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Fla Dem

Profile Information

Gender: Female
Hometown: Boston Area
Home country: USA
Current location: NE Floriduh
Member since: Sun Nov 2, 2003, 11:45 AM
Number of posts: 22,108

Journal Archives

Primary Schedule. Just think in less than 2 weeks after Super Tuesday (March 1st)

DU will lose many, many Bernie bugs and trolls. Their work will be done here and they will have failed.

Monday, February 1
Iowa caucus (results) 52 D, 30 R Closed

Tuesday, February 9
New Hampshire (results) 32 D, 23 R Mixed

Saturday, February 20
Nevada caucus (D) 43 Closed
South Carolina (R) 50 Open

Tuesday, February 23
Nevada caucus (R) 30 Closed

Saturday, February 27
South Carolina (D) 59 Open

Tuesday, March 1
(Super Tuesday)
Alabama 60 D, 50 R Open
Alaska caucus (R) 28 Closed
American Samoa caucus (D) 10 Open
Arkansas 37 D, 40 R Open
Colorado caucus 79 D, 37 R Closed
Democrats Abroad (Vote March 1 - 8) 17
Georgia 116 D, 76 R Open
Massachusetts 116 D, 42 R Mixed
Minnesota caucus 93 D, 38 R Open
North Dakota caucus (R) 28 Closed
Oklahoma 42 D, 43 R Closed
Tennessee 76 D, 58 R Open
Texas 252 D, 155 R Open
Vermont 26 D, 16 R Open
Virginia 110 D, 49 R Open
Wyoming caucus (R) 29 Closed

Saturday, March 5
Kansas caucus 37 D, 40 R Closed
Kentucky caucus (R) 45 Closed
Louisiana 58 D, 47 R Closed
Maine caucus (R) 23 Closed
Nebraska caucus (D) 30 Closed
Sunday, March 6 Maine caucus (D) 30 Closed
Puerto Rico (R) 23 Open

Tuesday, March 8
Hawaii caucus (R) 19 Closed
Idaho (R) 32 Closed
Michigan 148 D, 59 R Open
Mississippi 41 D, 40 R Open
Democrats Abroad 17 N/A

Saturday, March 12
Guam (R convention) 9 Closed
Northern Marianas caucus (D) 11 Closed
District of Columbia caucus (R) 19 Closed

Tuesday, March 15
Florida 246 D, 99 R Closed
Illinois 182 D, 69 R Open
Missouri 84 D, 52 R Open
North Carolina 121 D, 72 R Mixed
Northern Mariana Islands caucus (R) 9 Closed
Ohio 159 D, 66 R Mixed


Clinton's position on immigration. Not sure where you're getting your information.

America needs comprehensive immigration reform with a pathway to citizenship.

Hillary will:
Enact comprehensive immigration reform to create a pathway to citizenship, keep families together, and enable millions of workers to come out of the shadows.

End family detention and close private immigrant detention centers.

Defend President Obama’s executive actions to provide deportation relief for DREAMers and parents of Americans and lawful residents, and extend those actions to additional persons with sympathetic cases if Congress refuses to act.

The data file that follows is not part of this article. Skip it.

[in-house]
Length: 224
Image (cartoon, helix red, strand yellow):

“We have to finally and once and for all fix our immigration system – this is a family issue, it’s an economic issue too, but it is at heart a family issue. If we claim we are for family then we have to pull together and resolve the outstanding issues around our broken immigration system. The American people support comprehensive immigration reform not just because it’s the right thing to do—and it is—but because it will strengthen families, strengthen our economy, and strengthen our country. That’s why we can’t wait any longer, we can’t wait any longer for a path to full and equal citizenship.”


Supporting the DREAM Act. Hillary Clinton has called passage of DREAM Act “long overdue.” This legislation, which would allow immigrant children who “have demonstrated good moral character, and are pursuing a college education or have enlisted in the military, the… opportunity to earn legal status in this country,” was cosponsored by Clinton in 2003, 2005, and 2007.

Fighting for comprehensive immigration reform. Hillary Clinton has long been an advocate for comprehensive immigration reform. She was one of the two cosponsors of Senator Ted Kennedy’s 2004 bill, the S.O.L.V.E. Act, and during her time in the Senate she continued to cosponsor and vote for comprehensive immigration reform legislation. As a presidential candidate in 2008, Hillary called for “a path to legalization” to bring people “out of the shadows,” and she pledged that, if elected, she would introduce a plan for immigration reform “in the first 100 days” of her presidency. As Sec. Clinton recently told a tearful young undocumented immigrant, “I’m a huge supporter of immigration reform and a path to citizenship and will continue to advocate for that.”